A version of this review appears in Friday’s Weekend Life section of The Oklahoman. 3 of 4 stars.
Movie review: ‘Venus in Fur’
Roman Polanski’s adaptation of the Tony-winning play screens at 8 p.m. Saturday at the Oklahoma City Museum of Art as part of its five-film French Cinema Weekend.
All the world’s a stage, and an arrogant auteur winds up unsure of his marks in “Venus in Fur,” the latest film from Oscar-winning director Roman Polanski.
Adapted in French from David Ives 2011 Tony-winning Broadway play, the film screens at 8 p.m. Saturday at the Oklahoma City Museum of Art as part of its five-film French Cinema Weekend.
Now, for the standard Polanski disclaimer: Although undisputedly a cinematic genius, Polanski was convicted in 1977 of the statutory rape of a 13-year old girl and fled the United States to avoid final sentencing. If you choose not to view his movies in light of this, that’s, of course, well within your rights.
Now, on with the review.
Ives, who wrote the screenplay with Polanski, based his play on Austrian author Leopold von Sacher-Masoch’s 1870 novella “Venus in Furs,” about a woman who agrees to take on an infatuated intellectual as her personal slave. We get the term “masochism” from the author’s name and his novella, so that gives you some insight into the source material. (Titian’s gorgeous 16th century painting “Venus with a Mirror” also inspired the novella, play and movie and a secreted postcard of it becomes a pivotal plot point.)
Set on a cartoonishly stormy night in an empty rundown theater where the trappings of a musical version of “Stagecoach” provide an amusingly incongruous backdrop, “Venus in Fur” excels as an acting showcase for Emmanuelle Seigner (who happens to be Polanski’s wife) and Mathieu Amalric (who happens to bear no small resemblance to a young Polanski), who previously co-starred in 2007’s beautiful fact-based drama “The Diving Bell and the Butterfly.”
The themes may get complicated, but the layered play-within-a-play-within-a-film story is fairly simple: Amalric plays Thomas Novacheck, a haughty, ill-tempered playwright who has decided to direct his own stage adaptation of Sacher-Masoch’s novella. When we first meet him, Thomas is railing on the phone about the shallow, dimwitted actresses who auditioned that day and despairing that he’ll ever find that right woman to play the regal switch-wielding dominatrix Vanda.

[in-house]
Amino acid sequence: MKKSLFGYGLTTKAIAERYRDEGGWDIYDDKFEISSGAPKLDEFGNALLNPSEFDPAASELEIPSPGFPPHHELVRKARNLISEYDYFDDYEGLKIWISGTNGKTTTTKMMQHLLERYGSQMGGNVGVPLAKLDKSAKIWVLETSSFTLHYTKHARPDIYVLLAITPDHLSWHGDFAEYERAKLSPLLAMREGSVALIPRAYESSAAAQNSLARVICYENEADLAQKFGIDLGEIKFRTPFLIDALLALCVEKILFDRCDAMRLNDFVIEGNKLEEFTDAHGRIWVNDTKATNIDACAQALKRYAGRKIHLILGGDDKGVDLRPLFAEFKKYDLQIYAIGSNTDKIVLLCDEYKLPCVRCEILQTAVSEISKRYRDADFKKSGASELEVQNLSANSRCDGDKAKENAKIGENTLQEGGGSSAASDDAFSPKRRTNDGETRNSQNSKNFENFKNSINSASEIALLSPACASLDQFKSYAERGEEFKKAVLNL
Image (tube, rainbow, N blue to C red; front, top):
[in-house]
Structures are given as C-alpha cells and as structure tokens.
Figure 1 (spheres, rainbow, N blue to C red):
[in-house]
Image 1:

Before Thomas can leave for the day, a latecomer bursts in with a crash of thunder. She may share his character’s name, but this Vanda (Seigner) is Thomas’ worst nightmare: a brash, foul-mouthed, gum-smacking aspiring actress dressed like a streetwalker, ill-prepared for a reading and unaware of the difference between “ambivalent” and “ambiguous.” Or so it seems.
But she’s brought her own period gown, along with an elaborate sob story for her tardiness, and bullies the exasperated playwright into giving her a tryout. He even reluctantly agrees to read the part of the male lead himself.
Once she takes the stage, though, the actress suddenly snaps into the majestic, alluring character of Vanda. Even more, she knows both characters’ every line by heart, is familiar with the book and has intimate insights into Vanda. Let the battles of the sexes begin.
Thomas is first shocked, then intrigued and finally obsessed with having her as his Vanda. But the actress critiques his dialogue, rewrites the opening of his plays and challenges both his work’s themes and his claims of fidelity to his fiancée. The pair shifts seamlessly between their own sexually tense exchanges and the play’s plot and dialogue, keeping both each other and the viewer enthralled.
Between the excellent performances and Alexandre Desplat’s slyly playful score, Polanski’s film nails the story’s power plays, mind games and wicked humor, even if the latter becomes garish by the end. Although there’s some satisfaction in revenge by proxy, “Venus in Fur” ultimately feels less than grand because it neglects to drape itself in deeper, more resonant emotions.
French Cinema Weekend
Featuring: “Le Chef” at 5:30 p.m. Friday, “Chinese Puzzle” at 8 p.m. Friday, “The French Minister Quai d’Orsay” at 5:30 p.m. Saturday, “Venice in Fur” at 8 p.m. Saturday and “Queen Margot” 20th Anniversary Director’s Cut at 2 p.m. Sunday.
Where: Oklahoma City Museum of Art Noble Theater, 415 Couch Drive.
Information: 236-3100 or www.okcmoa.com.